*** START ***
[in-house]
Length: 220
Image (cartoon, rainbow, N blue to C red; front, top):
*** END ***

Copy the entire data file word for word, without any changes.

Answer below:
[in-house]
Length: 220
Image (cartoon, rainbow, N blue to C red; front, top):